I know what the arguments against such a thing are. Just get it done. Muscle through it, crank it out, put it behind me, move on. I've been struggling so much the past few semesters, though, that I can't see how that's a good idea. I think I need to take some time off (even though the possibility of doing "nothing" terrifies me) so that I can regroup, rethink, reassess. Fail a little bit now, so I can do something spectacular later.

I don't like the feeling of not finishing something - yet when I self-sabotage, that's exactly what happens. What if, instead of backing myself into a corner, and consequently feeling awful about my inability to follow through with things, I opt-out? Take the time to finish things at my own pace, try new things, do something different?

I don't know. That route, it's new. It's foreign. It's scary. But I'm thinking, the old routes haven't been working out so well. So maybe it's time to try something different.

Saturday, December 18, 2010

Do or Do Not, There is No Try

Prompt #18 – Try
What do you want to try next year? Is there something you wanted to try in 2010? What happened when you did / didn’t go for it? (Author: Kaileen Elise)

I'm going to try not to Bucket List.

This year, last year, and basically every year since I've been out of college, I've been super in to the idea of Roller Derby. My record label even sponsored one of the Philly teams, the Heavy Metal Hookers - and yet, somehow, I'd never gone to a derby match before this year.

(In my defense, they just never synched up with my schedule. Derby tends to be on Saturday nights, which makes it kind of hard to commit to, especially when there are concerts that need to be attended. (Back then, they were "work functions".))

Anyway, this past October, I finally went to my first bout, with the Denver Roller Dolls.

Unsurprisingly, it was love at first jam.

Tomorrow, hopefully, I'll be heading down to Denver to buy skates and pads. I'll practice while I'm home (we've got a big old basement that's gonna be great to skate around), and DRD tryouts are the weekend after I get back to Colorado. With any luck, I won't have to try out TOO many times til I make the cut - and until then, I can still attend drop-in derby.

I'm totally stoked about it. I'm looking forward to exercising more, challenging myself, and hanging out with what appears to be a group of dynamic, interesting women. I also took mom and dad to their first bout while they were here in November - hopefully, since it is actually a sport, I'll be able to get my dad and my little brother interested in it, which would give us something to talk about. (My brother LOVES sports - I really hope he gels to derby the way I have.)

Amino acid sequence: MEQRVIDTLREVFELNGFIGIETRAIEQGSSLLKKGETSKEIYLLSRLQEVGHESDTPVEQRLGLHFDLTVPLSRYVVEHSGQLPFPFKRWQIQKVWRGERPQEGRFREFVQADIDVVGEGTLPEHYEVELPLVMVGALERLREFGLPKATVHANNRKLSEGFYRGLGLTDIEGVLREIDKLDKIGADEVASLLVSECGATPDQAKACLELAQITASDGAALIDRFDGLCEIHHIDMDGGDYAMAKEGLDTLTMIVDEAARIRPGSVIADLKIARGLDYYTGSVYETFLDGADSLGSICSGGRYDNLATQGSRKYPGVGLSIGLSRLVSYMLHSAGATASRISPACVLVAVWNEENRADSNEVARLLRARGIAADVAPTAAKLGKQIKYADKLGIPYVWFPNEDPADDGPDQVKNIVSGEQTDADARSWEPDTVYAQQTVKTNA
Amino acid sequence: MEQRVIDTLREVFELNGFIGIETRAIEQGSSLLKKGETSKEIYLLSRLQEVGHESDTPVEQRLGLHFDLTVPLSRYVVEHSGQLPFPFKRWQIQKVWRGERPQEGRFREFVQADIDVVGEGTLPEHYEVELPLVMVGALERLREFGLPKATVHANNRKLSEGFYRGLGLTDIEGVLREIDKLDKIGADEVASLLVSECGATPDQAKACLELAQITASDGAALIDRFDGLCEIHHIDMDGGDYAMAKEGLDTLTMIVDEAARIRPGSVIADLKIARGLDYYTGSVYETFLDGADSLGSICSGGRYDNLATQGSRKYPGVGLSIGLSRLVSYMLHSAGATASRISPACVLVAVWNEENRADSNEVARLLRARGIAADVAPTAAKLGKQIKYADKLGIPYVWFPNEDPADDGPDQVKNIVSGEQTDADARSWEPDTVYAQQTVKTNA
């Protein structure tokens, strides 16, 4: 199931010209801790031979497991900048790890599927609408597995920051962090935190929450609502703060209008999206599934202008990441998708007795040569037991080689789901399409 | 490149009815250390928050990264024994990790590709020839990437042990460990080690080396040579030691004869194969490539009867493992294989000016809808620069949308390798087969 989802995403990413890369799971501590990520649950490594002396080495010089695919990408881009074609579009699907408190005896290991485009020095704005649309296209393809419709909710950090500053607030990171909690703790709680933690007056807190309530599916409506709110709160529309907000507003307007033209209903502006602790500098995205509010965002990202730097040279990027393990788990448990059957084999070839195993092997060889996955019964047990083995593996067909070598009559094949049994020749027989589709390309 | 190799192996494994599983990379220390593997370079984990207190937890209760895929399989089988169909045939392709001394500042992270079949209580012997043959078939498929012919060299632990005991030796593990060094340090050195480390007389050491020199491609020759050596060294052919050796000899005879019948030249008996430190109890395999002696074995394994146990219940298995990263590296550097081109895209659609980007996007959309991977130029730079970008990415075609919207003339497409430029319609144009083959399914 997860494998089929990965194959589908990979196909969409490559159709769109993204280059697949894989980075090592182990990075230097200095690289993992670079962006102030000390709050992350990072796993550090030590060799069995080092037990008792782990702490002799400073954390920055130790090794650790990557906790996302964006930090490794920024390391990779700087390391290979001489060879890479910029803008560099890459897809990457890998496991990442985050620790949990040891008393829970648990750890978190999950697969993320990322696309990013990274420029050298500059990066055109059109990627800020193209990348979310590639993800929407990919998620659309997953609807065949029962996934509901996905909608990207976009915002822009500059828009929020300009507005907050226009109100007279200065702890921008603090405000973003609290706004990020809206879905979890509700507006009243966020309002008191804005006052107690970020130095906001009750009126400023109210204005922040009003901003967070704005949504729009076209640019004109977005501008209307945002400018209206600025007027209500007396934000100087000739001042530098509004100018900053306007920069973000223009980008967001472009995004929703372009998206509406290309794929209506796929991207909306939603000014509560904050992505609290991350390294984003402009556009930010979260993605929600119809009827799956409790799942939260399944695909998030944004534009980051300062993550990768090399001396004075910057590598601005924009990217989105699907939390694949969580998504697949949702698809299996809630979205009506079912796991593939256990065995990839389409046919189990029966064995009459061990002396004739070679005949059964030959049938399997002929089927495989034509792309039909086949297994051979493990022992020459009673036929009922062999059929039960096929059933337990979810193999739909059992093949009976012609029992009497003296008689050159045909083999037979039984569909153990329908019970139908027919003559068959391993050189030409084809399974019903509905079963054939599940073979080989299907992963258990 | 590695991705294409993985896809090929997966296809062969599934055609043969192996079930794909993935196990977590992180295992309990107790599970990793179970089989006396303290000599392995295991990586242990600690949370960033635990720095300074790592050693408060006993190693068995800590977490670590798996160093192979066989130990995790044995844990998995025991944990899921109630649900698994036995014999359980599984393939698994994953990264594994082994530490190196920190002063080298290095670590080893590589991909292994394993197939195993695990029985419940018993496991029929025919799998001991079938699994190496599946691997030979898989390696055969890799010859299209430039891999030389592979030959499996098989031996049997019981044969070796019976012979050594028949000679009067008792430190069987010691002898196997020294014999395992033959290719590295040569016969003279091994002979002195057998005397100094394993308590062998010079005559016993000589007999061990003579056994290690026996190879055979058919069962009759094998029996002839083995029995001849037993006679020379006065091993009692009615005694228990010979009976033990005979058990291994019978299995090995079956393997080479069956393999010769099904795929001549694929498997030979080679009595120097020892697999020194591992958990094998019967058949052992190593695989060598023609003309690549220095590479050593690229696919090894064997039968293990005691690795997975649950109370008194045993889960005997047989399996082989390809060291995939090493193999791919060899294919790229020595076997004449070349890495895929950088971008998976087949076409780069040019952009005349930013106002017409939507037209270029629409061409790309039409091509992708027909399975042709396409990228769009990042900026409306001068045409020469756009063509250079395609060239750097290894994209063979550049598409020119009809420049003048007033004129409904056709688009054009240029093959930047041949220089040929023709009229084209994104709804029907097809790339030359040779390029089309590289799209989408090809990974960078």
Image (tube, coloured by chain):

You Can't Touch That

Something I haven't talked about much here is my family. I'm going to leave a big post about that for another day, the short version is that my dad and I are really close - like, best friend close.

Today I received a postcard from him, like I have hundreds of times in the past, that I wanted to share with you. It's a thank you note from when him + mom came to visit over Thanksgiving.

"Dear Marissa,
Thank you. We had a wonderful time visiting with you in Boulder.
I touched a dinosaur for the very first time. Next, I'd like to go to a real art museum where I can get to actually touch the art.
Love, Dad"

This is what I'm going home to in 2 days. I couldn't be more excited.

Thursday, December 16, 2010


Prompt #16 – Friendship How has a friend changed you or your perspective on the world this year? Was this change gradual, or a sudden burst? (Author: Martha Mihalick)

If you give me half a chance, I will wax on and on about how amazing my friends are. I never doubt it to be true, but sometimes, even I'm surprised at how fantastic they really are.

Y'see, I'm a skeptic. I've been burned enough times in the past that I don't really believe that anyone is truly what they appear to be. Sometimes it's because they're lying to themselves, sometimes it's because they choose not to see the truth about other people. Sometimes it's other things.

It makes me hesitate to reach out, and loath to trust anyone on more than a surface level. What if they see what's on the inside, and they don't like it? Worse, what if they twist and turn those inny bits around, and use them against me? It's happened before, which means that a precedent has been set for it to happen again.

Getting over that mental hump is always the hardest for me.

And it shouldn't be. My success rate on these things far outweighs my failures - it's just that the catastrophes weigh heavier on my mind than any of good things ever do.

That was a lot of preamble to say that, for the most part, my friends this year have surprised me in spades. The girls out here in Boulder, particularly, have been shoulders to cry on, arms to hug, even couches to sleep on when all the things inside me were just to raw to spend the night alone. (And then we got a sweet 7 hour musical performance from their neighbors. AWESOME.)

They have seen me at my lowest, and picked me back up, and called me and supported me and done all the things that friends are supposed to do. Lovingly. Selflessly. Patiently.